Even Dachshunds who spend plenty of time outside may bark when inside. In this case, try bringing new chew toys home for your dog to cure their boredom. Having your Dachshund help you with yard work can ward off boredom and allow them to get some exercise.
Is your dog getting enough attention? Our schedules get busy, and we may not notice our pets suffering. It is important to remember that Dachshunds are affectionate, loyal dogs who crave love.
If your dog is lonely, they may be barking to gain your attention.
Separation anxiety can be difficult to address. You cannot stay home all day, but many dogs hate their crates. When you crate train your Dachshund, remember to associate the crate with safety and peacefulness, not punishments.
At first, lead your dog to the crate with treats and place something that smells like you inside. Only leave them in the crate for short periods initially, and build their tolerance gradually.
If none of the adjustments above decrease the amount your Dachshund barks, it is probably time for some training.
What Not To Do?
First and foremost, never hit your dog.
In 2017, the Journal of Veterinary Behavior released an article warning of the dangers of punishing dogs, especially anxious dogs. Yelling often leads to increased amounts of barking.
Yelling may counteract your efforts in several ways. First, this behavior shows your dog that you approve of loud noises.
Secondly, you reinforce the idea that there is something to fear. Your Dachshund is probably barking out of fear of an unfamiliar noise. When you yell to intimidate them, they will believe that fear is a reasonable response.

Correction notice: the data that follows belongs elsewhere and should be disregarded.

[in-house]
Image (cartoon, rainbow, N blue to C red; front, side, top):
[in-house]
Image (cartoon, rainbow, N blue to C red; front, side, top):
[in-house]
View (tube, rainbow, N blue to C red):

Many dog owners try to let their dogs bark until they wear themselves out. Unfortunately, this is also counterproductive. When your dog is free to bark, they will bark until the perceived threat disappears, such as a critter in the yard or the mailman.
They will then believe that they solved the problem by barking.
Anti-barking gadgets are controversial. It is typically best to consult a veterinarian or dog behaviorist before using one. Keep in mind that these are not long-term solutions.
What To Do?
That may seem like a long list of tactics to avoid. Below, you will find tips for training your Dachshund not to bark.
Two methods to try if your dog is barking when the doorbell rings, the mailman comes, or something occurs around your home are:
- Briefly and quietly acknowledge your Dachshund. If they are trying to alert you, as Dachshunds were raised to do, they will quiet down once they know you are aware of the situation. Do not raise your voice or show excitement. Acknowledge without emotion.
- Use distraction techniques. You can throw a ball or squeak a toy. You can even provide short, simple commands, such as “Come here.” The distraction must be unrelated to barking so that your dog does not associate barking with toys and attention.
Once your dog is crate trained, you can use the crate as a cool-down area. It should be a quiet, stress-free zone where your dog can decompress. However, this will not work if your Dachshund associates their crate with punishment.
Whichever method you choose, always reward your dog for silence. You can use treats, attention, or their favorite toys.
Can Barking Hurt My Dachshund?
One reason vets disapprove of ignoring dogs when they bark is that too much barking can cause health complications.
Your Dachshund’s larynx can swell if they bark for too long, and they may develop laryngitis. They may then suffer from coughing, trouble breathing, and difficulty swallowing.
Do Dachshunds bark a lot? They certainly do. Barking is a huge part of their history, and they have been trained through the years to alert their owners of potential threats.
Dogs also recognize barking as a viable method of communication, so Dachshunds may bark if their needs are not being met.
While it is unrealistic to hope that your Dachshund will never bark again, you can take steps to decrease the frequency and intensity of their barking spells. With some time and patience, you can return your home to its once peaceful state.